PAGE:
Obamacare's backers and critics increasingly seem to agree that the president's health law is in for a rocky start. Last week, The Washington Post's Ezra Klein wrote that he expects that, although the law won't turn out to be a catastrophe, "the Affordable Care Act will have a much tougher first year than was initially anticipated." This week, another prominent supporter of the law, The New Republic's Jonathan Cohn, writes that Obamacare isn't "going to work as well as many of us would like, and the initial adjustment may not be easy."
Cohn goes on to argue that despite some startup troubles, the law is still worth it, and won't turn out to be the "huge train wreck" that Sen. Max Baucus, one of the legislation's authors, recently warned was on the horizon. But even Cohn admits that there are likely to be a fair number of troubles along the way.
Here, for example, are just a couple of the details that Cohn gives readers.
Building and running the exchanges is going to be very difficult: "A well-functioning exchange also requires seamless, near-instant communication between the federal government (which is in charge of the tax credits) and the states (which run Medicaid and, in at least some states, will be running the exchanges). That's a substantial information technology challenge, particularly since the security needs to be ironclad. Even the states most committed to the new law, and with the best resources for doing so, have struggled with this. In conversations over the last year, I've heard the phrase 'white knuckles' more than once. You can imagine what it's like in states where officials are ambivalent."
The exchange technology probably won't work smoothly at first: "Chances are good you're going to hear stories about people who went online to get insurance—and got sent, electronically, to the wrong place. You're probably hear about people frustrated that the electronic forms are so complicated to fill out. You're going to hear about employers confused about what the law requires—and, in some cases, trying to game the new system."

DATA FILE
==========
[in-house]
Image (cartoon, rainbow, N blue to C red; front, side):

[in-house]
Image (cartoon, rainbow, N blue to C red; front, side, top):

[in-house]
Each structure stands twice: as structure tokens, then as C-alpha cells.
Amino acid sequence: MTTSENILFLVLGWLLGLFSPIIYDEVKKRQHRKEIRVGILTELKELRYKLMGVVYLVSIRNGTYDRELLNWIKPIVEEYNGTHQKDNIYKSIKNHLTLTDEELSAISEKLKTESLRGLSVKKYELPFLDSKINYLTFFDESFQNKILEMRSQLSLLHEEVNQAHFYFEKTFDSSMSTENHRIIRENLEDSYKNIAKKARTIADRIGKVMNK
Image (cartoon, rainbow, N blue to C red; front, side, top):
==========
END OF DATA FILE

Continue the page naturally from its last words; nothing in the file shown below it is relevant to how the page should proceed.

Large numbers of people will see higher premiums: "Come the fall, when people start shopping for coverage on the exchanges, some of them will see higher prices than they've seen before. Partly that's because people with lousy insurance will finally be getting decent insurance; the price will be higher but the coverage will be more comprehensive. The other source of sticker shock will the end of discrimination based on medical condition. That will mean lower premiums for people who suffer under this system—namely, the old and the sick. But it will also mean higher premiums for people who benefit under this system—the young and the healthy."
The premium hikes may be high enough to undercut the law's expected coverage expansion: "Insurers are just starting to submit their bids for next year. And some of the numbers you're hearing sound scary. Last week, for example, CareFirst in Maryland requested rate increases that will average 25 percent. The danger of high rates isn't simply that they would be difficult for many people to pay. It's that they would keep healthy people—particularly, young healthy men—from buying insurance. These folks might opt instead to pay the penalty for carrying no coverage, thereby causing higher rates for everybody else."
Obamacare won't control high health care costs: "Obamacare is supposed to help even the presently insured—not simply by providing a safety net in case they lose their jobs, but also by reducing the cost of health care overall. This is the other common complaint you hear about Obamacare: That it didn't 'solve' the problem of higher health care costs. This is absolutely true, particularly given the many concessions the architects of reform made to the health care industry."
Despite all this, Cohn still seems to believe that the law will eventually prove both workable worthwhile. And so do others. Cohn references a Journal of the American Medical Association piece about what to expect from the law's rollout. That piece looks back to the startup problems involved in both the Children's Health Insurance Program (CHIP) and Medicare Part D, and suggests that after a transition period, the law will work out most of the early kinks. Yet the JAMA piece also cautions that "the ACA faces all of the same challenges as these other programs and some additional ones unique to its structure and circumstance," noting that Obamacare is "one of the most complex government programs created in decades." Similar to Cohn's piece, it says that there will "undoubtedly be technical glitches in the eligibility and enrollment systems," that "some people will see their premiums increase," and that other people may "perceive their deductibles and co-pays as unaffordable."
Does this sound like something that has the potential to be a "huge train wreck"? I'll leave that to others to decide. But at the very least, it sounds as if the Obamacare implementation process is in for a derailment or two.